Celebrating Heritage: Maniams Design Studio’s Creative Toys and Puzzles

In a world increasingly dominated by screens, the importance of tactile and creative play for a child’s development cannot be overstated. A 2024 article in Frontiers, an open-access scientific journal, emphasizes that “Educational toys offer a hands-on experience, allowing children to physically manipulate and interact with learning materials. This direct interaction can lead to deeper understanding and better memory retention.” Research suggests that children who engage in hands-on play with open-ended toys demonstrate more vital cognitive skills, improved problem-solving abilities, and greater creativity than those who primarily consume content from digital devices. This crucial need for physical engagement is where Coimbatore-based Maniams Design Studio steps in, offering a refreshing alternative with their thoughtfully designed and handcrafted toys.

Maniams Design Studio, led by architect and toy designer Kanaka Ananth, takes a unique approach to toymaking. Kanaka, a graduate of the National Institute of Design’s first toy design programme, brings over 15 years of experience to the table. Maniams creates toys inspired by Indian elements, with a special focus on education and inclusivity. Their team of designers works to develop toys suitable for children of all abilities. Sustainability is also a core value at Maniams, where collaboration with artisans across India is integral to producing handcrafted toys using high-quality, eco-friendly materials. The studio’s use of locally-made bamboo baskets and containers is a testament to this commitment.

Recently, Maniams launched two new additions to their impressive collection: Kona and Jharoka. Inspired by the concept of “angle” or “corner,” Kona is a 3D puzzle designed to enhance children’s visual-spatial reasoning skills. “Kona is inspired by 3D triangles but with a twist,” Kanaka explains. “Unlike most puzzles that stay flat, we designed it to create a three-dimensional effect when completed. It’s all about bringing a new dimension to playtime.” This innovative approach to puzzle design extends beyond mere fun. According to Kanaka, recognizing and differentiating mirror images is essential for subjects like math, science, engineering, and architecture. She believes Kona will help children improve their spatial reasoning, a skill crucial for both academic and physical activities, as well as beneficial for artistic and design-related fields.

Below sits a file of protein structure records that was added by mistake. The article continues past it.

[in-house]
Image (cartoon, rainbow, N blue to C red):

On the other hand, Jharoka, inspired by traditional Indian architectural balconies and windows, is a shape-sorter puzzle designed for toddlers.

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. This vibrant puzzle incorporates a range of colors and patterns drawn from Indian textile motifs such as Bandhani and Ikat. Kanaka describes it: “Jharoka teaches toddlers about primary, secondary, and tertiary colors, as well as polygons, reinforcing their understanding of fundamental concepts through matching and sorting activities.” The designs of both Kona and Jharoka reflect Maniams’ commitment to cultural heritage. By using these traditional motifs, they introduce young children to Indian art and design in an engaging, playful manner.

“Every toy we design has a story behind it,” Kanaka emphasizes. Their best-selling storytelling puzzle, for instance, draws inspiration from ancient Indian rock art. “Our ancestors used to depict hunting stories and daily life on cave walls,” she says. “Interestingly, those symbols have evolved into the icons we use today in messaging apps – a whole language without words!” The storytelling puzzle encapsulates this essence, with pieces that can be arranged into countless narratives. “It’s amazing to see how kids (even adults) use it creatively, blending it into their daily lives,” she adds. She recounts examples of children using the puzzle to depict family scenes or create ornaments.

This focus on storytelling extends beyond a single toy. Another exemplary product is their Karagattam stacking toy, inspired by the traditional Tamil Nadu dance form where performers balance pots on their heads. “We studied everyday objects like crayons that children hold and used those shapes as inspiration for the stacking pieces,” Ananth says. “The goal is to stack them just like you would carry pots on your head, with a ring at the top for stability.” Through this, Maniams transforms everyday objects into playful tools that connect children to Indian culture. “Each toy becomes a little piece of Indian culture, passed down through play,” Kanaka says.

By merging cultural heritage with modern design principles, Maniams Design Studio continues to carve out a niche in the world of educational toys. Their mission to blend play with tradition and sustainability not only fosters cognitive development but also aims to build a deeper appreciation of Indian heritage among the younger generation. In a society where digital screens often overshadow physical play, Maniams stands out, reinforcing the irreplaceable value of hands-on, imaginative engagement for children’s holistic growth.

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